• If you choose to attack the problem in public, be prepared for the possibility of having to apologize for your actions in public.
  • Sometimes you need to agree to disagree and leave it at that. You were hired for a specific purpose and it likely wasn’t to fight battles.

[Photo above by Joshua Rappeneker / CC BY-ND 2.0]

How To Look For A New Job While You’re Still Employed

There should be an image here!Many people are employed but still looking for other opportunities. The challenge is if your current boss gets wind of it, he or she may prematurely start looking for your replacement or worse yet, make your life miserable. So what do you do if you’re looking for a new job but don’t want your current boss to find out? Here are a few things you can do to keep your job search under the radar.

  • Don’t suddenly change your appearance in preparation for an interview. If you wear casual clothes to work each day, showing up in business attire, such as a suit, is a sure way to look conspicuous. Instead, pack a change of clothes for your interview and make arrangements to change once you leave your current workplace.
  • Avoid talking to potential employers at your desk. Instead, use your personal cell phone. Furthermore, avoid using your current work computer to 1) search for potential jobs and 2) communicate with potential employers.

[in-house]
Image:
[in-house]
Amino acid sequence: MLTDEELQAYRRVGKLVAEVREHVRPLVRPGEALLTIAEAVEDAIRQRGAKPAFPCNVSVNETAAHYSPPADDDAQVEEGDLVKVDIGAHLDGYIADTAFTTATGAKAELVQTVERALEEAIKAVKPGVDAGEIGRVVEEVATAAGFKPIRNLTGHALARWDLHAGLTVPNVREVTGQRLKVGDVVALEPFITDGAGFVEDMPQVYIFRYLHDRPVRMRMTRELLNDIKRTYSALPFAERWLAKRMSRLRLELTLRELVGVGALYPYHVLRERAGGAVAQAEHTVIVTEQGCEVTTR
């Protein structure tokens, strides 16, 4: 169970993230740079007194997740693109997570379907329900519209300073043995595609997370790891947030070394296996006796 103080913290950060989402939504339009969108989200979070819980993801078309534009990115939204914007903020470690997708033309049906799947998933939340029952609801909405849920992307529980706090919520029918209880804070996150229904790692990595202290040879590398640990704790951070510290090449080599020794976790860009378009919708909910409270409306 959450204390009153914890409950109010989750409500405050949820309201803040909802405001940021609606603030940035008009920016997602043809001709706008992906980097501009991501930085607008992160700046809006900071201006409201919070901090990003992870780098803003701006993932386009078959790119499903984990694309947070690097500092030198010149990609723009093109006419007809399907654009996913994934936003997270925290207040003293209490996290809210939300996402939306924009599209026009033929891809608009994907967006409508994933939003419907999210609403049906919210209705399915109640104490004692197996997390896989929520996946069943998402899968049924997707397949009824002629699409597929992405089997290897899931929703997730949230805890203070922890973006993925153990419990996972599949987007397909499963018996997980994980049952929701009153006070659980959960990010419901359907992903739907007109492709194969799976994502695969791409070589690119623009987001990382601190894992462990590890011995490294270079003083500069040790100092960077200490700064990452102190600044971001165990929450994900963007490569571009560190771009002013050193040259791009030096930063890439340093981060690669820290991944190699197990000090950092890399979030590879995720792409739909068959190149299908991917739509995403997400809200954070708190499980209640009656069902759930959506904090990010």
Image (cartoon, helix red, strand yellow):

• Don’t use resources within your current work environment to prepare for an interview. This includes printers and photo copiers. You never know who may beat you to the printer or inadvertently pick up your resume at the copier.
  • If possible, schedule any interviews first thing in the morning or at the end of the day. The less work disruption, the less likely anyone is to question your whereabouts.
  • Be particularly careful if you are interviewing with an employer who is also a client of your current employer. You never know who you may run into.

[Photo above by Joshua Rappeneker / CC BY-ND 2.0]

Mad At Your Boss? Here’s What Not To Do

There should be an image here!Getting mad at your boss is one thing (and bound to happen). How you react when you’re angry is another thing. You likely want an opportunity to share your opinions or concerns but blowing a gasket and publicly displaying your anger is definitely not the way to do it.

If you find yourself at odds with your boss (or other management), consider the following list before you react.

  • If you’re the type of person to react in anger, it’s best to distance yourself from the situation and come back when you have calmed down.
  • When you do get the opportunity to speak, don’t attack your boss personally, rather attack the problem.
  • Look at the situation from your boss’s point of view so you can understand where he or she is coming from. If you’re not clear, ask the question. It will make for some productive discussion.